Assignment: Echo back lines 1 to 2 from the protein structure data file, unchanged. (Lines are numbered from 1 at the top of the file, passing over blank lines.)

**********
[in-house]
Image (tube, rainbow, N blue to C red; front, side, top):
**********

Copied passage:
[in-house]
Image (tube, rainbow, N blue to C red; front, side, top):